Haku and Howl

“I don’t know why she’s with me. I only brought her trouble since the day she met me. If I was her, by now I would have left me. I would have walked away…You’ve fallen in love in the worst way and if you don’t go now then you’ll stay…She’s standing in the heart of darkness saying I know you got a soul even though you’re heartless.”

– Walk Away by The Script

Haku and Howl are both powerful magical characters; Haku is a River god while Howl is a wizard. Haku has lost his identity and doesn’t remember his name while Howl has given his heart up and is losing his humanity. Their identities are lost to them and they have no way of regaining their identity by themselves. Haku and Howl both gave away their identities to Howl03another but didn’t know the repercussions of those actions. Haku became a henchman to Yubaba to do her evil bidding while Howl gave his heart to Calcifer to gain freedom at the loss of his own humanity. It is only through the appearance of Chihiro for Haku and Sophie for Howl that they are able to be saved and regain who they were and might have grown to be. Their love for their girls made them stronger and able to resist to some degree the evil in their lives. I guess the saying, love conquers all is true in this case (or at least in the movies).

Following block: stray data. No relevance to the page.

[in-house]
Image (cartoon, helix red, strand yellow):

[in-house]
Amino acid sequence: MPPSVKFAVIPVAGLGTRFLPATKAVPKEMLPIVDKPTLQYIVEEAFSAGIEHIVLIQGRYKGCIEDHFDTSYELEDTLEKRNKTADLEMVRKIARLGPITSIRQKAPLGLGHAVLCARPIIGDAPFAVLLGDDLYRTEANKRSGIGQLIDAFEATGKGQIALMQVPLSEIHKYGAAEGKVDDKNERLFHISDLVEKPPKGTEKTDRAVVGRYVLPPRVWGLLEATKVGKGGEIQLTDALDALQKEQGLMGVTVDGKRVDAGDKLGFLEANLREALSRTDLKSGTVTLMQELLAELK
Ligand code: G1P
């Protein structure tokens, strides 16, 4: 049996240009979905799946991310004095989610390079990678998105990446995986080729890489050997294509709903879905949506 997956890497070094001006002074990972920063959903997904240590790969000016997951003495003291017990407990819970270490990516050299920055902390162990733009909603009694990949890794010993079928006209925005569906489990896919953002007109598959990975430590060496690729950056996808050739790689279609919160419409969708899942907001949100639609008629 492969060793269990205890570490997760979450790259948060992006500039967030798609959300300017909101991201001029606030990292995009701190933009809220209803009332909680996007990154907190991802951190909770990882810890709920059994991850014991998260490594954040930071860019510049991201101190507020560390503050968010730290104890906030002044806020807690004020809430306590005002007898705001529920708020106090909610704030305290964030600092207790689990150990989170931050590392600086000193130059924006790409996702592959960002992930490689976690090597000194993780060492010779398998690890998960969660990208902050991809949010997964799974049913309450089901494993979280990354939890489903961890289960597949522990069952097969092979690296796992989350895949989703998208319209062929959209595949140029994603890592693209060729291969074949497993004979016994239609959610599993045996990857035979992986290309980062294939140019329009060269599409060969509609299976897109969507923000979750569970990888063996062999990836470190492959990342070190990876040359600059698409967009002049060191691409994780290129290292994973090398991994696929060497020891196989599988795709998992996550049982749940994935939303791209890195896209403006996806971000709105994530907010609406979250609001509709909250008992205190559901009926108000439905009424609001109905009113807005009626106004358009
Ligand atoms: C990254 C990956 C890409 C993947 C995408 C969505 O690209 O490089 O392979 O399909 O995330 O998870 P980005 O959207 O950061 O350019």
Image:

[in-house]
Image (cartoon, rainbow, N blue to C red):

Yubaba, Zeniba and the Witch of the Waste

“Everybody’s got a dark side. Do you love me? Can you love mine? Nobody’s a picture perfect but we’re worth it, you know that we’re worth it. Will you love me? Even with my dark side?”

– Dark Side by Kelly Clarkson